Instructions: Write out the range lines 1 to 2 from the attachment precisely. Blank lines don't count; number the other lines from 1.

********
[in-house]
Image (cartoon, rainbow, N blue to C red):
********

[in-house]
Image (cartoon, rainbow, N blue to C red):